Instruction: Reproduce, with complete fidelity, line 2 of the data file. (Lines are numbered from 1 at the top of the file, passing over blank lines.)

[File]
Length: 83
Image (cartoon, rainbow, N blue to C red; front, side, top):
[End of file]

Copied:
Image (cartoon, rainbow, N blue to C red; front, side, top):